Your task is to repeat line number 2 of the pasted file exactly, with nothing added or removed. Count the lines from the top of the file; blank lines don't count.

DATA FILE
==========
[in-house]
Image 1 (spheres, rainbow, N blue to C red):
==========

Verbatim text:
Image 1 (spheres, rainbow, N blue to C red):